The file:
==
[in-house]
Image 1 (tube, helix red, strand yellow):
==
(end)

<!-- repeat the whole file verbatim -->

[in-house]
Image 1 (tube, helix red, strand yellow):